In this report
Consider all costs

Consider all the costs before buying a garbage disposer

Last reviewed: August 2009
Consumer Reports' 2009 review of the best performing garbage disposers
Bottom feeders
Garbage disposers grind food scraps in a chamber using spinning or fixed blades before tap water washes the fragments down the drain.

Some municipalities discourage residential garbage disposers because of inadequate sewer systems or water supplies. Even if your community allows disposers, using one may cost you more than you think. Before buying a disposer, answer these questions:

1. Is a garbage disposer appropriate in my area?

If you use a municipal sewer system, call your local sewer authority to find out its disposer policy. Some require a permit to use one, while others discourage them because of limited water and sewer capacity.

2. Is my septic tank big enough?

Your municipality may require an upgrade if you use a garbage disposer. Consult the local building inspector or environmental health official. Alternatively, you may need to empty the existing tank more frequently.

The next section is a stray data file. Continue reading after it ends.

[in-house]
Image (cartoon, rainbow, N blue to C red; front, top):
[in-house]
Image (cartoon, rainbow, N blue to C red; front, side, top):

3. Is the plumbing up to the task?

Don't install a garbage disposer if plumbing clogs or backups are frequent, since a disposer's added waste can make both more likely. Have a problem septic system fixed, emptied, or enlarged before buying a garbage disposer.

4. Is the extra water use worth it?

Figure on roughly 2 gallons of water per minute for most sinks, or about 700 gallons per year based on minute-per-day use. Besides potentially increasing your water bill, a disposer's added consumption is a concern in drought areas.